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Variable vs. Fixed Interest Rates on Student Loans: Which Is Best for You?

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Variable-rate student loans can be an attractive option, but most students (as a practical matter) stick with fixed-rate student loans. When looking at variable- versus fixed-rate student loans, here are six things to know about both.

Variable vs. fixed interest rate student loans

A variable interest rate fluctuates over time, while a fixed interest rate remains the same over the life of a loan.

If you borrow private student loans, you can choose between variable or fixed. If you borrow federal student loans, you can only have a fixed interest rate.

Variable interest rate student loans: 6 things to know

1. Choices
2. Starting interest rates
3. Index movements
4. Savings
5. Possible higher payments
6. Rate changes and caps

1. Choices

As a reminder, you’ll only have to decide between a variable rate and a fixed rate if you borrow a private student loan. Private student loan lenders can choose to offer both options.

2. Starting interest rates

A variable-rate student loan typically comes with a low-end interest rate that is below that of a fixed rate — and sometimes significantly lower.

Variable APRs for College Ave undergraduate student loans start at 4.49%, for example, while fixed APRs start at 4.49%.

3. Index movements

Many private student loan lenders tie variable interest rates to the one-month or three-month Libor Interbank Offered Rate, a market benchmark. Sallie Mae, for example, uses the one-month Libor.

The Libor is often impacted by the Federal Reserve federal funds rate, said Mark Kantrowitz, publisher of Savingforcollege.com. If the Federal Reserve announces a quarter-point increase, the Libor will often change within three months, Kantrowitz said.

Federal Reserve officials have indicated that they want to hold rates steady through 2020.

4. Savings

A variable-rate loan could save you money compared with a fixed-rate loan if the initial rate is lower and the borrower is confident that they can pay it off before the midpoint of the loan term, Kantrowitz said.

For instance, let’s assume you borrowed a seven-year private student loan but pay it off in three-and-a-half years. Despite possible increases in those early years, Kantrowitz said your weighted average interest rate at the midpoint would likely be close to the fixed rate you would have received.

5. Possible higher payments

A variable-rate loan could make sense if rates seem to be heading lower or holding steady.

A one percentage point increase in the interest rate on a variable loan, Kantrowitz said, can increase the monthly loan payment by as much as 5% on a 10-year term, 10% on a 20-year term and 15% on a 30-year term.

6. Rate changes and caps

If you’re exploring a variable-rate loan, ask lenders how often their rates change. Some lenders will adjust the rate monthly (such as Earnest), while others will adjust every three months (such as Education Loan Finance).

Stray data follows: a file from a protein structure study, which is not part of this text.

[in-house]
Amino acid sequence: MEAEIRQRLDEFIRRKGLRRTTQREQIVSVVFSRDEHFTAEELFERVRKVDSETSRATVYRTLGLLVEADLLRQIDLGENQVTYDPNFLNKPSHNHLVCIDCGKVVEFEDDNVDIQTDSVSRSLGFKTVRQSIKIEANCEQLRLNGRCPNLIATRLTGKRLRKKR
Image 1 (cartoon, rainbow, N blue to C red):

Also, find out if your variable student loan rates are capped. For example, SoFi private student loan variable rates were capped at 13.95% as of Jan. 29, 2020.

Fixed interest rate student loans: 6 things to know

1. Same monthly payments
2. Interest rate ties
3. Factors
4. Advertised rates
5. Repayments
6. Shorter loans, better rates

1. Same monthly payments

Fixed-rate federal and private student loans provide peace of mind because you will always know what your monthly payments will be. This can be especially important if you intend to pay off a student loan over a longer period of time, such as 10 to 25 years.

2. Interest rate ties

Fixed interest rates for federal loans are tied to the 10-year U.S. Treasury note. The interest rates for federal loans are announced each May and go into effect on July 1.

Here are the fixed interest rates for federal loans disbursed on or after July 1, 2019, and before July 1, 2020:

3. Factors

While federal loans have the same interest rates for everyone, private loans come with different interest rates depending on a variety of factors, including the credit score of the borrower or cosigner. The rate might also depend on a student’s major.

4. Advertised rates

When you look at advertised interest rates for private loans (fixed or variable interest), the ranges can be huge. Kantrowitz estimates that less than 10% of borrowers get the best-advertised interest rate, so keep that in mind when you are rate shopping.

5. Repayments

Kantrowitz said 10-year repayments used to be common for fixed-rate private student loans, but now you’re seeing lenders offering a wide range of repayment periods.

Citizens Bank undergraduate student loans, for example, offer five-, 10- and 15-year repayment terms, while MPower Financing student loans come with one option: 10 years.

6. Shorter loans, better rates

Shorter fixed-rate loans have lower starting interest rates built in, Kantrowitz said, since they are less risky for lenders in brief periods. Most of the savings from a short-term fixed-rate loan will come from the condensed repayment period rather than a lower interest rate, Kantrowitz said.

Refinance your student loans to switch between variable, fixed

If interest rates are rising (or dropping), it could make sense for borrowers to refinance their student loans.

To refinance, you’ll need to meet certain requirements:

  • Credit score
  • Annual income
  • Savings
  • College degree (or certificate of enrollment if you’re still a student)

If you’re switching from federal student loans to private loans, be aware of the protections you’ll lose, such as income-driven repayment plans and the possibility of loan forgiveness.

To help decide if refinancing is right for you, try using our student loan refinancing calculator.

 

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